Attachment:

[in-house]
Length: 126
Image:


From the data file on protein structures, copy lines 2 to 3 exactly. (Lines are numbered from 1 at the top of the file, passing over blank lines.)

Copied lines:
Length: 126
Image: